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Peter, Pan Jr

Took B to see the local musical theatre camp's production of Peter Pan (C is en route to visit his grandmother -- first flight as an unaccompanied minor, wow) and it was pretty good. It was billed as an abridged version (about 90 minutes, no flying, very much mashed up) and to my mind very well thought out. B really liked the crocodile and Captain Hook and seeing his brother's schoolmates (the girl playing Tinkerbelle did a star turn as Beaker in a recent school production). I watched the completely manic kid playing Peter and considered that Barrie's audience would have been much more attuned to the classical reference in his name. Noticed the ways that the dramaturges had done their best to play with the underlying racism/sexism/social darwinism/everything else of the original. (If you read Peter Pan and Mary Poppins at all carefully, it's easy to see the essentially dickensian underpinnings, only without nearly as much hope.) Enjoyed seeing the ongoing evolution of some of the kids who I've seen around since they were aging out of toddler playgroup.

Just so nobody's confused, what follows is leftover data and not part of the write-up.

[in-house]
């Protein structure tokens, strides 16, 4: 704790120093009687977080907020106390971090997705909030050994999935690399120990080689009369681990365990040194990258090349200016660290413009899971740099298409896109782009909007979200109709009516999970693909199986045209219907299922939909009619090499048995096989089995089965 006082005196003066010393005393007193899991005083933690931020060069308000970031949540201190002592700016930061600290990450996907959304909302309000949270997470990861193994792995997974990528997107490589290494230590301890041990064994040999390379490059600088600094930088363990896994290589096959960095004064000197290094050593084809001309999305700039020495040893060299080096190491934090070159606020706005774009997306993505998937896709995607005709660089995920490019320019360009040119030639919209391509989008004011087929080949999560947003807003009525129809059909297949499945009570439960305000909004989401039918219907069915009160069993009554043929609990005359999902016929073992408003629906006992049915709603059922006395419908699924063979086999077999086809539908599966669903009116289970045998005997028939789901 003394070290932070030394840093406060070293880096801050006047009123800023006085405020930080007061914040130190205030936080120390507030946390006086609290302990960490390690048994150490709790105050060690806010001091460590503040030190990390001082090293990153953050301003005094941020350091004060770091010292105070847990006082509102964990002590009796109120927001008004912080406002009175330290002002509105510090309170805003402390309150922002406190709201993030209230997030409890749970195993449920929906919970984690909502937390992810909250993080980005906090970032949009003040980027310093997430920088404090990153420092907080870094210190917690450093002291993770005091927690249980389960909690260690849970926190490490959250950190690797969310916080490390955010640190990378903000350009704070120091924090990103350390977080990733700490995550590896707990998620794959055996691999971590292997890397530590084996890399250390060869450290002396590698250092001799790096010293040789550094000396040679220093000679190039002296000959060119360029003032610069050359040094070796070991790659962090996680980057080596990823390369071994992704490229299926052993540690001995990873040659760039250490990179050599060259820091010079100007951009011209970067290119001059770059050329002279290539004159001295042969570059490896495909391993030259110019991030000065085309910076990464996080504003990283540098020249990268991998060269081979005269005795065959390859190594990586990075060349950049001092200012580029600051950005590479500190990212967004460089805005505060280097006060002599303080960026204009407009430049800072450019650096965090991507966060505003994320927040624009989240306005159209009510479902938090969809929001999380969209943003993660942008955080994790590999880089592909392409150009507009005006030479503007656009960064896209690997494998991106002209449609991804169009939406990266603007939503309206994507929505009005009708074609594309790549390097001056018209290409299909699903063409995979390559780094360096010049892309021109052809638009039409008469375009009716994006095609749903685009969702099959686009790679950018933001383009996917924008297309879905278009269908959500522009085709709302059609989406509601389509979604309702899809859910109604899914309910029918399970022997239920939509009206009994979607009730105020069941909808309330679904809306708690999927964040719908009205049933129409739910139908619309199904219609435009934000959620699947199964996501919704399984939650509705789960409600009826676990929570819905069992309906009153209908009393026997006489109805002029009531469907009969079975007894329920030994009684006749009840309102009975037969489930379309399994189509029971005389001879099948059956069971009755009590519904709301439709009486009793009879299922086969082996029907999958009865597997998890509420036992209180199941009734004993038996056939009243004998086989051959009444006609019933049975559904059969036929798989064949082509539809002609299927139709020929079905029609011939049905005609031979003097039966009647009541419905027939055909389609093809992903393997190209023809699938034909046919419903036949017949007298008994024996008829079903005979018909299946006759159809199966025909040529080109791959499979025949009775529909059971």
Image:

Couldn't help thinking about a mainstage production of Peter Pan I worked on during one of my junior years, a dark version in which Peter was much more the child-stealing fairy of older folklore, tormented as much as enlivened by his eternal present. I remember inflating the gazillion balloons that floated down through the spotlights, and having words with the technical director about his bodged-together flying harnesses. It ended (book-accurate) with the adult Wendy weeping in her own empty nursery. (Yeah, I started tearing up in this latest production when the kids came flying back. Go figure.)

And couldn't help thinking of Eddy, the schlubby old guy who rented dimmers and lights and equipment to all of us, whose blowzy, bespectacled wife handled the business side of the enterprise. His term of endearment for her was always "Tink", and none of us young ones could believe it. She went from smoking behind a desk to an oxygen cannula to a tent during my time as a lighting designer, and then my senior year Eddy took a couple months off when she died.

OK, so I'm obvious, even if that wasn't really where I intended to end up. But I noticed the other day taking the kids to IHOP that there's a whole big section of the menu devoted to meals for the 55-plus crowd.

Oh, and I also remember at strike how much fun and how loud it was wading thigh-deep in balloon across the stage and popping every damn one of them.